Heathrow decision dictates the UK’s environmental conscience

The excitement around the Court of Appeal’s blocking the expansion of Heathrow airport is warranted by its celebration of legalistic exercise in environmentally targeted pragmatism and integrity. The blockage forced the expansion to be modified to align with the conditions of the Paris Accord, making it the first significant ruling of its kind in the world, a necessary and, as Green Peace have stipulated, ‘monumental’ notion.  The New York Times have stated that this decision occupies ‘a new frontier for legal challenges’ in the increasingly environmentally afflicted global political conscience, as this could be the precedent for further rulings based on their environmental impact.  

The biggest impression this will make globally is the reality of the UK’s commitment to meet the target of net zero carbon emissions by 2050, and the elevation of these pledges from political rhetoric to legal precedent. 

And in a country where we have claimed a climate emergency, surely, if anything, the precedent this decision has the potential for should have come even sooner if we are truly determined to align our rhetoric with our actions. 

I use the pronoun ‘our’ here as an emphasis on the collective popular conscience voiced by global leaders such as Greta Thunberg, but this decision wasn’t made from a clear universal conviction. It must be acknowledged, though, that there will be compromise in the business sector due to the potential loss of international rapport that could be garnered from Heathrow expansion, as it is one of the busiest airports in Europe. It is claimed by the Department for Transport that the runway would boost the wider economy by £61 billion and create 77,000 jobs by 2030; on an international level, the position on the global stage the expansion would allow for the UK is vital in a post-Brexit world. According to Heathrow’s chief executive John Holland-Kaye, quoted by the BBC: “without Heathrow expansion there will be no global Britain.” Transport Secretary Grant Shapps is quoted in the Guardian as saying “our manifesto makes clear any Heathrow expansion will be industry-led.” But with the country in the midst of a so-called environmental crisis, should industry be leading such important legal decisions? According to Lord Randell, the debate will allow Boris Johnson a unique moment for political idiosyncrasy in time for the UN climate summit in Glasgow in November. If Boris Johnson can dismiss future plans for the airport expansion, aligning with his previous strong position — even claiming he would lie under a bulldozer in opposition — it would credit himself and the Conservative party with significant political capital from environmental campaigners which is likely to prove vital in future years.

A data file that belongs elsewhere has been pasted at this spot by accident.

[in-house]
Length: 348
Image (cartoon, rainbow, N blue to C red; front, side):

The owners of Heathrow airport, however, have appealed the decision separately from the government, meaning that, although the government is no longer legally implicated, it will still be an issue to resurface and occupy headlines in the not-too-distant future. 

Whether the economic boost the expansion would have can outweigh the local noise, visual pollution, and significant loss of homes (761, including the entire village of Longford), is a balance to be observed in a domestic discourse. The ultimate takeaway from this decision, however, is that it announces that the UK is in the vanguard for basing political decisions around environmental impact, which history will certainly commend.

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